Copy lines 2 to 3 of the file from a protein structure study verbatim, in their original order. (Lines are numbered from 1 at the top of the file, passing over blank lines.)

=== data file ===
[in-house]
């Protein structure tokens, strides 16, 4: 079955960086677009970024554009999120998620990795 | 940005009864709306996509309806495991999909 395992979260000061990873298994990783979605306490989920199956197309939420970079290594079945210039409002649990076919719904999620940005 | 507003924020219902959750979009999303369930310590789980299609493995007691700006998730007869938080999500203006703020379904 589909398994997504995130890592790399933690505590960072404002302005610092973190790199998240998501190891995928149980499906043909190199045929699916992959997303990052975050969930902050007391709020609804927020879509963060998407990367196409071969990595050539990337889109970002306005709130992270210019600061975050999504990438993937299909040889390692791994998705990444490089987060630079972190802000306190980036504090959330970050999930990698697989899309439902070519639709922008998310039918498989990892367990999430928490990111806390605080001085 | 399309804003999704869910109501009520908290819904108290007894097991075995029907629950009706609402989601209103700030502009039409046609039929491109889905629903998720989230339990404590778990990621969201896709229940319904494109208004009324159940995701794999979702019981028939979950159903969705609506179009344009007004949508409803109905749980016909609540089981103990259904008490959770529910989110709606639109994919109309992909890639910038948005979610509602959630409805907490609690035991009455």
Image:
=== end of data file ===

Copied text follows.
């Protein structure tokens, strides 16, 4: 079955960086677009970024554009999120998620990795 | 940005009864709306996509309806495991999909 395992979260000061990873298994990783979605306490989920199956197309939420970079290594079945210039409002649990076919719904999620940005 | 507003924020219902959750979009999303369930310590789980299609493995007691700006998730007869938080999500203006703020379904 589909398994997504995130890592790399933690505590960072404002302005610092973190790199998240998501190891995928149980499906043909190199045929699916992959997303990052975050969930902050007391709020609804927020879509963060998407990367196409071969990595050539990337889109970002306005709130992270210019600061975050999504990438993937299909040889390692791994998705990444490089987060630079972190802000306190980036504090959330970050999930990698697989899309439902070519639709922008998310039918498989990892367990999430928490990111806390605080001085 | 399309804003999704869910109501009520908290819904108290007894097991075995029907629950009706609402989601209103700030502009039409046609039929491109889905629903998720989230339990404590778990990621969201896709229940319904494109208004009324159940995701794999979702019981028939979950159903969705609506179009344009007004949508409803109905749980016909609540089981103990259904008490959770529910989110709606639109994919109309992909890639910038948005979610509602959630409805907490609690035991009455």
Image: